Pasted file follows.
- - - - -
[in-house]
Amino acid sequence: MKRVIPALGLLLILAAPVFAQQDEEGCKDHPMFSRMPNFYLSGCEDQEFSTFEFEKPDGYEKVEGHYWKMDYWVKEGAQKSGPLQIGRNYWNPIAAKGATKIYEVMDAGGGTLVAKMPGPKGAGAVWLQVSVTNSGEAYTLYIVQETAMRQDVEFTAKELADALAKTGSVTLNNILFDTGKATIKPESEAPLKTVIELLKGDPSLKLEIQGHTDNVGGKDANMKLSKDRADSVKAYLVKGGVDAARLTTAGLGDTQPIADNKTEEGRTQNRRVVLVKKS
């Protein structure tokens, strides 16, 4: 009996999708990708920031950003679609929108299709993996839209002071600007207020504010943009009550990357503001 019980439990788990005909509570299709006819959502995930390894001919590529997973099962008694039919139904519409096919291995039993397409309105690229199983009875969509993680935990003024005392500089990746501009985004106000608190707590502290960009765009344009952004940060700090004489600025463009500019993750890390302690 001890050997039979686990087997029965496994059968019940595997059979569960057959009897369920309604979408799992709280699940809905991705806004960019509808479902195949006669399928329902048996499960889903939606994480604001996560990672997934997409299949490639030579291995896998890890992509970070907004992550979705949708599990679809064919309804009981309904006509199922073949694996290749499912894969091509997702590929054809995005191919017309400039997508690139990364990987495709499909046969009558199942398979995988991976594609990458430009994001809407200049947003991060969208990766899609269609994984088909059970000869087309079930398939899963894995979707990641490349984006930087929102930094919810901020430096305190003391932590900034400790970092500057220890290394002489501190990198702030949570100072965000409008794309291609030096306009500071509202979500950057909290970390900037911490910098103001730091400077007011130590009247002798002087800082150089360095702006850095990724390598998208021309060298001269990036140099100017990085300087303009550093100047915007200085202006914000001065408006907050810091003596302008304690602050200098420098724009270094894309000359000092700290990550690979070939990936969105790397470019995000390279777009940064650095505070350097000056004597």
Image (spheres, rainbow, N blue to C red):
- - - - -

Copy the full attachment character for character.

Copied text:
[in-house]
Amino acid sequence: MKRVIPALGLLLILAAPVFAQQDEEGCKDHPMFSRMPNFYLSGCEDQEFSTFEFEKPDGYEKVEGHYWKMDYWVKEGAQKSGPLQIGRNYWNPIAAKGATKIYEVMDAGGGTLVAKMPGPKGAGAVWLQVSVTNSGEAYTLYIVQETAMRQDVEFTAKELADALAKTGSVTLNNILFDTGKATIKPESEAPLKTVIELLKGDPSLKLEIQGHTDNVGGKDANMKLSKDRADSVKAYLVKGGVDAARLTTAGLGDTQPIADNKTEEGRTQNRRVVLVKKS
């Protein structure tokens, strides 16, 4: 009996999708990708920031950003679609929108299709993996839209002071600007207020504010943009009550990357503001 019980439990788990005909509570299709006819959502995930390894001919590529997973099962008694039919139904519409096919291995039993397409309105690229199983009875969509993680935990003024005392500089990746501009985004106000608190707590502290960009765009344009952004940060700090004489600025463009500019993750890390302690 001890050997039979686990087997029965496994059968019940595997059979569960057959009897369920309604979408799992709280699940809905991705806004960019509808479902195949006669399928329902048996499960889903939606994480604001996560990672997934997409299949490639030579291995896998890890992509970070907004992550979705949708599990679809064919309804009981309904006509199922073949694996290749499912894969091509997702590929054809995005191919017309400039997508690139990364990987495709499909046969009558199942398979995988991976594609990458430009994001809407200049947003991060969208990766899609269609994984088909059970000869087309079930398939899963894995979707990641490349984006930087929102930094919810901020430096305190003391932590900034400790970092500057220890290394002489501190990198702030949570100072965000409008794309291609030096306009500071509202979500950057909290970390900037911490910098103001730091400077007011130590009247002798002087800082150089360095702006850095990724390598998208021309060298001269990036140099100017990085300087303009550093100047915007200085202006914000001065408006907050810091003596302008304690602050200098420098724009270094894309000359000092700290990550690979070939990936969105790397470019995000390279777009940064650095505070350097000056004597």
Image (spheres, rainbow, N blue to C red):